I think of how my younger son told us in August, before he left to go back to Afghanistan that he is re-enlisting. We all tried to tell him to leave and go to college, including his brother.
But, in talking to him, he was set. For him, there were little if any bonus money offered. In asking him if he was sure, he said he was not ready to enter the civilian world again; he wanted to stay Marine and serve our country. We asked again, and he reiterated that it was not time for him to enter the civilian world. He was remaining Marine.
I asked him again when we were alone, “Are you sure you want to re-enlist?” He gave me his affirmation and said he would make sergeant soon. Again, I asked if he had any more reasons why? His answer, in his very deep voice, was, “For the camaraderie.”
He was joining for his fellow Marines, which was enough for him.
We haven’t heard from him in over three weeks, that’s how it is in Afghanistan. No news is good news is what they say.
I think back to how he called before going outside the wire three weeks ago, where he’ll be on dangerous supply convoys, vulnerable to ambush and roadside bomb attacks to Combat Outposts (COP’s) being built on the Afghan-Pakistan border in a hostile enemy infested area. I have read that these COP’s take mortars too.
He is with his fellow Marines. That’s where he wants to be.
It’s time to leave. I have tissues in my car.
I think of the extra time alone when I asked my son if he really wanted to re-enlist. I think of how I again asked him, “Why”?
I remembered his answer, hearing his deep voice as if it was next to me, “For the camaraderie.”
Joining his fellow Marines was enough for him. It should be enough for me.
I think American generals should give our troops top priority. Concern for the safety of the troops they lead to victory should be #1. American military families should not have to worry about this. It should be a given. They should be assured that their Marine’s last breath, if they die for their country, was not dying for defeat, but was taken as they pursued a mission with a clear vision and plan for victory.
They should not be maimed for McChrystal. Our injured heroes who earned the Purple Heart in battle should live with the knowledge that they were pursuing victory for their country, while securing the safety of their countrymen.
It’s a good thing I had tissues in my car. After two years in Okinawa my son became a huge country music fan. The radio played, “I Love Your Love the Most”, again, as I headed home. The tears welled up as I was thinking of my son and all the Marines without the things the singer loves the most. I was still able to drive.
I made it to my driveway when that song was followed by another favorite tune of my son’s, “Red Neck Yacht Club” by Craig Morgan.
He’ll get a laugh out of this, as I have tears in my eyes again, crying at “Red Neck Yacht Club”! When he gets home in May 2010 he told me in one of his last and rare calls home, he wants to go to the Lake of the Ozarks, and that he had been listening to “Red Neck Yacht Club”.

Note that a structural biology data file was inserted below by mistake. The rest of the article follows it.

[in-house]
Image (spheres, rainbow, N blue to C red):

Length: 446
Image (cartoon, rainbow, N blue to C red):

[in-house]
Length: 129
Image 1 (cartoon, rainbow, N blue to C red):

Now I’m listening to that song. I close my garage door. No strange cars or uniformed Marines. I take a deep breath, and grab a tissue to wipe my eyes as I walk upstairs. The dog wags her tail. I sit down. I made it home one more time.
There are many more days until May 2010. I am least in America. He is in Afghanistan, the worst place on earth.
Despite being the worst place on earth he has the camaraderie, he desires. He is with his Marines.
If Gen. McChrystal’s policies lead to his maiming or death, he will be with his fellow Marines. There’s honor in that. That’s what the families will have to lean on for comfort.
Gen. McChrystal’s policies, may take their lives, with his heartless death sentence for some of our troops, but he cannot steal their honor.
Gen. McChrystal, Adm. Mullen, or Sec. Gates cannot steal their valor.
In WWII Fleet Admiral Chester Nimitz said “Uncommon valor was a common virtue.” It applies today as Marines on the battlefield live and die by this creed: “Semper Fidelis”. Their leaders may have abandoned them, but they have not abandoned each other. The term means something out there.
As a military family we find ourselves praying a lot. And our prayers were answered. Not by a four star general, not by an admiral who is chairman of the Joint Chiefs, and not even by the Secretary of Defense.
Our prayers were answered by fellow Marines, who give their last breath living and dying for their brothers in arms, “Semper Fidelis” running through their blood.
The Marine next to our son is the answer to our prayer. It is the reason he is there. As long as Marines in battle stand together, our prayers are answered.
A failure in leadership in today’s war lets their own men die on the battlefield when they could have provided air or artillery support.
A terribly flawed command should not let their own men die for defeat. Dishonorable men will have to answer to their Maker.
And Marines will be guarding the Entry Control Point with weapons loaded and ready to kill the enemy without restricted rules of engagement. Saint Michael might even be there with them.
Copyright Thursday Sept. 24, 2009